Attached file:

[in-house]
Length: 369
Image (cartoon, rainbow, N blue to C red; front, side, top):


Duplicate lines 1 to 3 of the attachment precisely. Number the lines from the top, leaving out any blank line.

[in-house]
Length: 369
Image (cartoon, rainbow, N blue to C red; front, side, top):